Cosmic Snowflakes, Is it snowing outside

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WeBeGood
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Joined: Thu Aug 03, 2006 7:26 am
Location: Texas, USA

Cosmic Snowflakes, Is it snowing outside

Post by WeBeGood »

the International Space Station?

For almost 50 years of man-made objects have been orbiting the Earth. How could something as common as a Snowflake go unnoticed for so long? Their impressions left on every satellite ever flown. Well, they can't. The impressions of their impacts should be everywhere, unlike an Earth bound snowflake that leaves only a wet spot on the window, a Cosmic Snowflake is moving much much faster. Fast enough to leave it's impression in the window.

For the entire lifetime of the Shuttle program, NASA has monitored impacts on the windows after every flight. Looking for impacts, measuring their size, tracking their location to determine if the window needs to be replaced. Then polishing the windows so they are picture perfect, ready for the next flight.

The windows on the Space Shuttle are no ordinary windows made of amorphous glass, but are instead made of quartz glass. A fused quartz window, extremely strong, heat resistant window to look out and see the wonders of Space and the Earth below. An impact of a Snowflake on such a window wouldn't even mar the surface, unless it had a little bit of dust in it.

Cosmic Snowflakes are moving so fast that they instantly melt, vaporize, and turn into plasma. They would impart a significant amount of energy by their impact. Leaving an impression within the fused quartz, crushing some small portion below the surface. The impression of a snowflake.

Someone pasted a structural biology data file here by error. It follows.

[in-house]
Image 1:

Impressions that have been monitored by Rocket Scientists to check the health of the windows. They show up as bruises within the quartz, windows bruised by the impact of a snowflake. Bruises, that can be seen in the right kind of light using the right kind of filter. A polarizing filter, that polarizes the light to look for the tell tail signs of a layer of crushed glass within a perfectly clear window.

This is the procedure that NASA developed to monitor the health of the Space Shuttle's windows.

So, if you see an Astronaut going to the International Space Station, ask him or her if it Snows up there. And when they start to laugh, tell them the best place to look is for their impressions in the windows and that they might need a polarizing filter to see them.
Courtesy E-Mail Welcome @ WeBeGood@GMail.Com

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